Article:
6. The combination as set forth in claim 3 in which said bias imposing means comprises a second electronic discharge element connected between a point in the load circuit for the second device and the control electrode of said iirst device, the potential of said last named point rising to a value sufficient to tire said second discharge element only upon cessation of conduction of said rst named discharge element; said electronic discharge elements both being of a type giving visual indication of conduction.

References Cited in the le of this patent UNITED STATES PATENTS 2,589,465 Weiner Mar. 18, 1952

Patent Citations
Cited PatentFiling datePublication dateApplicantTitle
US2589465 *Oct 22, 1949Mar 18, 1952Eckert Mauchly Comp CorpMonitoring system
Referenced by
Citing PatentFiling datePublication dateApplicantTitle
US3210752 *Jul 26, 1963Oct 5, 1965Pinkerton S IncMoving object detection system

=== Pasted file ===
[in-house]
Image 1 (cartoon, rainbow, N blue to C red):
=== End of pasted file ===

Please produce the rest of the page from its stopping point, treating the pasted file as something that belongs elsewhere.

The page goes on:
US3233233 *Nov 30, 1961Feb 1, 1966English Electric Co LtdGas detecting apparatus
US3836078 *Jun 9, 1972Sep 17, 1974Lockwood CorpMonitoring system for mobile irrigation apparatus
US5910775 *Jan 24, 1997Jun 8, 1999S&C Electric CompanyPhasing and indicator arrangements for switchgear or the like
US6426616 *Dec 15, 1998Jul 30, 2002S&C Electric Co.Phasing and indicator arrangements for switchgear or the like
Classifications
U.S. Classification327/219, 340/653, 340/660
International ClassificationG01R31/28
Cooperative ClassificationG01R31/2839
European ClassificationG01R31/28F4C